TCU

Former TCU quarterback, UT Arlington coach Chuck Curtis dies

Chuck Curtis (left) shares a laugh with Pete Ragus at a reception for the “Texas High School Football: More Than the Game” exhibit at the Bob Bullock Texas State History Museum in Austin on Aug. 8, 2011. Curtis died Monday at age 80.
Chuck Curtis (left) shares a laugh with Pete Ragus at a reception for the “Texas High School Football: More Than the Game” exhibit at the Bob Bullock Texas State History Museum in Austin on Aug. 8, 2011. Curtis died Monday at age 80. Fort Worth Star-Telegram

Chuck Curtis, who won three consecutive high school state championships as a head coach, quarterbacked TCU to a 1957 Cotton Bowl victory against Syracuse and Jim Brown and was the last head coach for UT Arlington football, died Monday after an illness. He was 80.

Curtis led the Horned Frogs to Southwest Conference titles in 1955 and 1956, triggering an offense that included another TCU legend, running back Jim Swink. But it was Curtis who scored three touchdowns in a 28-27 victory over Syracuse and its future Pro Football Hall of Fame running back in the 1957 Cotton Bowl.

“He wanted the ball all the time, and I wanted to give it to him,” Curtis told the Cleburne Times Review in 2015. “It made my life easy.”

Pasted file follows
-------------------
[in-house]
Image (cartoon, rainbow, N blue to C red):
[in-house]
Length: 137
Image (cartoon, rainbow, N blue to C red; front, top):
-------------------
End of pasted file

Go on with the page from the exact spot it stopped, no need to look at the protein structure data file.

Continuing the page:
At TCU in 1955, Chuck Curtis completed 65 of 134 passes for 1,041 yards, seven touchdowns and five interceptions in the Horned Frogs’ 8-3 season.

Curtis won 135 games in a high school coaching career that included the 2A state title at Jacksboro in 1962 and the 4A state titles at Garland in 1963 and ’64 thanks to a spread offense that was uncommon at the time.

He also coached at Holiday, Grand Prairie, Cleburne and Aledo, finishing 135-41-3 in 15 years as a high school coach.

It was murder to scout us because we had up to 50 formations. Chuck had the unique quality and skill of always placing the right player in the right position.

Jerry Cunningham, former assistant, on Chuck Curtis to the Cleburne Times Review

“In the 1960s, it was flamboyant to run the spread offense, but Chuck did,” Jerry Cunningham, a longtime assistant, told the Cleburne Times Review. “It was murder to scout us because we had up to 50 formations. Chuck had the unique quality and skill of always placing the right player in the right position.”

Curtis coached UT Arlington’s final two seasons, going 7-4 in 1984 and 4-6-1 in 1985.

He was offensive coordinator at SMU after the state titles at Garland.

He is a member of the Texas High School Football Hall of Fame and the Texas Sports Hall of Fame.

Curtis was born July 15, 1935, in Gainesville, where he played high school football and was recruited by TCU coach Abe Martin.

After TCU, he was drafted by the New York Giants in 1957. Among the team’s assistants in Curtis’ time there were Vince Lombardi and Tom Landry.

Carlos Mendez: 817-390-7760, @calexmendez

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